By the time I returned to South Beach, it was dark. I stopped at the Post Office and took down Chico’s poster, tossing it into the recycle bin, then went home to begin life as a duo, just Annie and me. She climbed into my lap, licked my face, and sighed.

Blues in the night

So there I was sitting on the driveway with a flashlight and a box of Milkbones, playing my harmonica and thinking about life without my dogs. It was cold and clear, the stars so bright, but not bright enough to help me see a black dog in the night.

An hour earlier, I had been happily eating dinner when I saw Annie at the sliding glass door. Uh-oh. Sure enough, I had left the gate to their pen open. Fingers crossed, I searched the yard, but Chico had jumped the fence. Now Annie was looking to me to find him. I put on my heavy coat, grabbed the flashlight and leash and set off down the street, around the corner, straining to see, calling “Chico, come”. Nothing. I came back home, walked through the neighbor’s yard, saw him watching TV in his cozy living room filled with the mounted heads of deer, elk and other animals he has killed. No dog.

Having seen other people’s trash carts out,reminding me it was trash night, I decided to pull mine out, too. Maybe Chico would see the open garage with the light on and come home. No. Annie got out. With her dog super-powers, she soon located her brother and they both went flying down the street. I went after them. Occasionally I saw them, running, tongues out, tails wagging, united and happy. I opened the tailgate of my car and sat there. Sure enough, the dogs came, but they gave me a grin and dashed into the forest where the growth is too thick for me to go in there.

That’s when I closed things up and settled in with my harmonica, making up tunes in the key of D. The dogs approached; they like my music. I tossed a handful of treats onto the pavement. Annie came closer. As she wolfed them down, I grabbed her and dragged her in. Once she was safely locked away, I followed the same procedure for Chico. Both dogs were soaked and muddy. I dried them off and cranked up the pellet stove.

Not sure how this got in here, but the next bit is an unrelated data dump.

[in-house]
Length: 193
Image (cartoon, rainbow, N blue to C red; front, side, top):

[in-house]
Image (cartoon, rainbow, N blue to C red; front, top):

Soon the escapees were sleeping on the floor, exhausted and happy, perhaps dreaming of the sound of a harmonica playing in the night.

Wouldn’t you know?


So, I heard about a gig that I really, really want, but I can’t apply until it is officially announced. Meanwhile, my dear Annie refused to go outside, so I decided to take her with me to the post office and go on to walk on a wilderness trail. I wasn’t prepared to see any humans, but who is the first person I saw as we headed for the trail? The person who would be my boss. There I was with my yellow dog pulling me, despite me chanting, “Heel, Annie, heel.” I had no makeup on, raggedy hair, and was wearing my oversized Salvation Army pants that keep falling down. Swell. But this is what a writer looks like when she’s working at home.

“Hi,” I called, smiling. What else could I do? “Hello,” he replied, a look of disapproval on his face.

Oh well, if I get an interview, maybe when I show up dressed like a professional, I’ll look so swell he won’t recognize me. Anything is possible. Besides, do I want to work for somebody who doesn’t like dogs?

***
Sweet Annie is the one whose obstinacy led to me falling into the back wall of our house and spraining my wrist three weeks ago. I couldn’t see who was behind me, but I think both Annie and her brother Chico were there. All I know is that suddenly I was flying and I knew I was going to hit hard. It took a couple days for me to forgive the pups, but Annie is back to sitting in my lap while we watch TV. Yes, she weighs over 60 pounds. She was a saint in the car today.